1. PREHEAT the oven to 400ºF.

    2. PLACE the butternut squash, onion, garlic cloves, and red bell pepper on a flat baking sheet in one layer. Moderately drizzle olive oil over the vegetables and toss in the thyme sprigs. Season with salt and pepper.

    3. BAKE for 25-30 minutes or until the butternut squash is tender. Toss halfway through. While vegetables are roasting…

    4. COOK the chorizo in a skillet over medium-high heat until brown and crispy (about 8-10 minutes). Remove from the skillet, drain off any excess oil, and place into a bowl.

    5. REMOVE the butternut squash mixture from the oven and place it into a Vitamix or blender with the chicken stock. Blend until smooth. Add more chicken stock if necessary to get a medium purée or your desired consistency.

    6. POUR the soup from the blender into a stock pot to warm thoroughly for about 20 minutes. Adjust the salt and pepper.

    7. SERVE in individual bowls and garnish with the cooked chorizo, chilis, and pepitas. Serve the lime wedges on the side for those who enjoy a fresh squeeze.

    We like to serve the soup with crusty country bread. While we like butter, the bread is perfect for dipping into olive oil.





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    Moroccan Chicken Recipe For National Chicken Month

    September is National Chicken Month. Here’s a tasty chicken recipe that’s off the beaten track—inspired by Morocco, to be precise.

    The recipe is courtesy of the National Chicken Council, which features recipes for lunch and dinner on their consumer website,

    We have to take exception with the given name of the recipe, which is Moroccan Chicken with Eggplant-Zucchini Ragout. That’s not accurate.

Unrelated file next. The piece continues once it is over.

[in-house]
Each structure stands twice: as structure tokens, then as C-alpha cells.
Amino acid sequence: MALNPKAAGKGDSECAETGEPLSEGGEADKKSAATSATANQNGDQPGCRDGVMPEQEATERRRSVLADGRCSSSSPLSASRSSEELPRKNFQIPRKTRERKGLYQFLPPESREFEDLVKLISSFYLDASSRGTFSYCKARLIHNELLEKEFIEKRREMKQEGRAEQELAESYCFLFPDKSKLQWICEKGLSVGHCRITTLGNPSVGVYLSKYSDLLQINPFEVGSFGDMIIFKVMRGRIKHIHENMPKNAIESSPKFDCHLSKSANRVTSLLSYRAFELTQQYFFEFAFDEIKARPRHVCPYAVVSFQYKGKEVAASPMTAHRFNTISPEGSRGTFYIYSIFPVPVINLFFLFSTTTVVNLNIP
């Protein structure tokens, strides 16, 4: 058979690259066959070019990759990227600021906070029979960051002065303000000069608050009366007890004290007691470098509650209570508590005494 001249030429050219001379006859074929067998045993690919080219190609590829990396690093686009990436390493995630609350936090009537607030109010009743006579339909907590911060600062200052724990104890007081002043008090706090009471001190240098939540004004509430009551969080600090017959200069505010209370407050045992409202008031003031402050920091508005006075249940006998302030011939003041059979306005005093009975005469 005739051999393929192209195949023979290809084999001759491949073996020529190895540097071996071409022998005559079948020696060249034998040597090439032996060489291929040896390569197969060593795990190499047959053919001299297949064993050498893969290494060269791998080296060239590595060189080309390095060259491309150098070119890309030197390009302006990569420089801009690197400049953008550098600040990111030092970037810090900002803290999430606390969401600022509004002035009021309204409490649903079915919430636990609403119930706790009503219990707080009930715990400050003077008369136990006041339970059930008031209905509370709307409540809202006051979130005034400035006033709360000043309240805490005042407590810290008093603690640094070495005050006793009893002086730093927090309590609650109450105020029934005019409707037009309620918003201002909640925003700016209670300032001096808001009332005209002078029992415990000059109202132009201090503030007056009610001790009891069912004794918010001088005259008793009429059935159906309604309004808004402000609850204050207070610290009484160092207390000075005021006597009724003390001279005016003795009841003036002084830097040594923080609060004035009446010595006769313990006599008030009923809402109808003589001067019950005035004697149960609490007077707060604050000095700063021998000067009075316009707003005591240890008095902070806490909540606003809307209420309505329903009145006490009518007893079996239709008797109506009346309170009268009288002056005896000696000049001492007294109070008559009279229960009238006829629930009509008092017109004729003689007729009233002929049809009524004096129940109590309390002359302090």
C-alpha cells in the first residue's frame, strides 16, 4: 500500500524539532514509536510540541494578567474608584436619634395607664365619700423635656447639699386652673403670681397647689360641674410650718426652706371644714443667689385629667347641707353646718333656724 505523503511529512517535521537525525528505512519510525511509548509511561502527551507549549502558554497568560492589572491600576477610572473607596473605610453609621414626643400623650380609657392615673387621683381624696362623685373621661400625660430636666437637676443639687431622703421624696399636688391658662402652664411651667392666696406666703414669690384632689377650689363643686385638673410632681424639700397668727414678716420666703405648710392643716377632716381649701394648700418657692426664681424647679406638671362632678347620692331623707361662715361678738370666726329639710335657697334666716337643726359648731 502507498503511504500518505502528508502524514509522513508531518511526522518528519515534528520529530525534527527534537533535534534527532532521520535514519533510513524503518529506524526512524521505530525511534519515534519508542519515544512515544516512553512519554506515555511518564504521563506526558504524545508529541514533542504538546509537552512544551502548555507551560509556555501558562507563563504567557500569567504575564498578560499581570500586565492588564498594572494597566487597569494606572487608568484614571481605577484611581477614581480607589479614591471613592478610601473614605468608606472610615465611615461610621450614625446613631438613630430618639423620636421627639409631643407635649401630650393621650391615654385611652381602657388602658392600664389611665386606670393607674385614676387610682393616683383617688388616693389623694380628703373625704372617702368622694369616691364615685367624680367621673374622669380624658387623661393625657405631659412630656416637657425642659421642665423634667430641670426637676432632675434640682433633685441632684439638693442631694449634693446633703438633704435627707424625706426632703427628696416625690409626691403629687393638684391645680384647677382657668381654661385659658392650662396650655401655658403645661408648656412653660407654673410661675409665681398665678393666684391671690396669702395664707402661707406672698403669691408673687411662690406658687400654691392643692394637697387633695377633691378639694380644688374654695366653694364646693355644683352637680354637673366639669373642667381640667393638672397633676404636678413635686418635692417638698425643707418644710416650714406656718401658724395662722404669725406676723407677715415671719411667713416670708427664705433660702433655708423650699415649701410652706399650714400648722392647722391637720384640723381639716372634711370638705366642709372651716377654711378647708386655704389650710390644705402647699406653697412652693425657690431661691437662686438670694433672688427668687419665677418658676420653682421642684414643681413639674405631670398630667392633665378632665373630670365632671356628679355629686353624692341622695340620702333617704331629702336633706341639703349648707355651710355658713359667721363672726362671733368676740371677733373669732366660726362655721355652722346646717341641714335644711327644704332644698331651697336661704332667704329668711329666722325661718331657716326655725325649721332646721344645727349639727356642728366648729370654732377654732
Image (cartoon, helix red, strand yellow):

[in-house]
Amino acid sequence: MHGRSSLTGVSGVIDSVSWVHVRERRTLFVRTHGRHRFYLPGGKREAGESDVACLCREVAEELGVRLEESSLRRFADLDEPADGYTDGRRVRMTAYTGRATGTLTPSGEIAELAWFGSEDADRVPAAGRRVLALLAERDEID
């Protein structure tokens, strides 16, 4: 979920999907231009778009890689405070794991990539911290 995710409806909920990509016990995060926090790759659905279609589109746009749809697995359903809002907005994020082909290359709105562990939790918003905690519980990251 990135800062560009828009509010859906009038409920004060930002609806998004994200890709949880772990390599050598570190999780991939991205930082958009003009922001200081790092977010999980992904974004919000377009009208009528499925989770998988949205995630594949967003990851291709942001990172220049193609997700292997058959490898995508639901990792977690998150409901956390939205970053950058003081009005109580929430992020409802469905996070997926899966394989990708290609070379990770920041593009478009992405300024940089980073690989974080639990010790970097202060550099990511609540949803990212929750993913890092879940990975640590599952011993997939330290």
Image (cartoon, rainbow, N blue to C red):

Ragout (rah-GOO) is not a dice of vegetables; it is a stew. Like stews, ragouts can be made from different meats, seafood, and vegetables, with different seasonings. They can be vegetables-only.

    The key difference between a ragout and a stew:

  • The meat and vegetables in a ragout are cut into smaller pieces than in a typical stew.
  • Neither a stew nor a ragout would refer to a bed or a serving of diced vegetables.
    The lesson here is one you’ve heard before: Just because you read it in print doesn’t make it true.

    The word “ragout” is the American spelling of the French ragoût. The English spelling drops the circumflex over the “u.”

    Ragoût, in turn, derives from the verb ragoûter, meaning “to revive the taste.”

    A similarly-sounding word in Italian is ragù, but it refers to a sauce, typically used to dress pasta.

    This is a chicken dish with diced vegetables (photo #1). In French cooking, there are four sizes of dice:

  • Large dice, 3/4″ square (carré in French—cah-RAY).
  • Medium dice, 1/2″ square (parmentier—par-men-TYAY).
  • Small dice, 1/4″ square (macédoine—MAH-suh-dwon) dice.
  • Very small dice, 1/8″ (brunoise—broon-WOZ), and there’s even extra-extra small, fine brunoise, 1/16″.
    See the chart showing the different sizes, below.